a) The satisfaction of Gods justice in fulfilling the eternal pronouncement that the wages of sin is death (Rom. 6:23). This is the reason why Jesus Christ, as the GodMan, had to die in order to remove sin from man (Rom. 5:1221). The sin of man could not be expiated, blotted out, without the shedding of blood.
b) The appropriation of Gods righteousness. Not only does the death of Christ give Him the right to declare us righteous before God, but He makes the righteousness of God part of us. Gods nature becomes our nature when we believe on the Lord Jesus Christ (2 Cor. 5:21).
B. The Person who came is described by the term Christ Jesus, Christ being His divine name, and Jesus His human name.
1. The first time the name Christ Jesus occurs
in this order and not Jesus Christ is in Acts 19:4
and thereafter it is seen in the epistles beginning with Romans
3:24. It never occurs in the Gospels because they primarily focus
on the time before His resurrection.
2. Had Jesus Christ been born into the world and died like every other human being without rising from the dead, then news of His coming would not be worthy of all acceptation (1 Tim. 1:15).
3. Observe that Paul does not say that He was born of the virgin Mary, but that He came (emlthen, voluntarily and of His own power He entered into the world). This could never be said of any other human being who ever walked upon the face of this earth. A son of Mary, if he were nothing else but that, could never have saved the soul of anyone. He is able to save sinners because He, the eternal Son of God, voluntarily and of His own power came into the world.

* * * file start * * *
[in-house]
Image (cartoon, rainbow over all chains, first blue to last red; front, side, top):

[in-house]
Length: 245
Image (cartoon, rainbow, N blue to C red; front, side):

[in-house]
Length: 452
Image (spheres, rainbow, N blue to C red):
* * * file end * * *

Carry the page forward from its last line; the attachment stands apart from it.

C. Such a declaration about the justification and the simultaneous
sanctification of the sinner is indeed worthy of all acceptation.
1. The Greek word for acceptation is apodochem, which occurs only in 1 Timothy 1:15 and 4:9. This word comes from the preposition apó, from, and décHomai, to accept. It means to embrace, to receive with joy and approval as something very precious and worthwhile.
2. The complete phrase, . . . a faithful saying and worthy of all acceptation, is exactly the same in 1 Timothy 1:15 and 4:9.
- 1 Timothy 1:15 undoubtedly refers to the purpose of the incarnation of God in the Person of Christ Jesus, the salvation of sinners. It means that sinners should place their full trust in accepting Gods plan. The phrase further affirms that the results promisedbeing pronounced justified before God and being given Gods natureare absolutely trustworthy.
- In 1 Timothy 4:9 the phrase stands in contrast to the profane and old wives fables of verse seven. It is as if the apostle Paul is stating that the incarnation of Jesus Christ is not a fable. The old wives tales may be false, but what Jesus promised to dothrough His incarnation, His life, His death, and His resurrectionHe would fulfill.
3. Of all acceptation declares that this is absolutely trustworthy. You can be absolutely sure that when you come to Jesus Christ in humility and in repentance, He will forgive you of your sin and He will give you victory over sin, making you a new creature in Him (2 Cor. 5:17).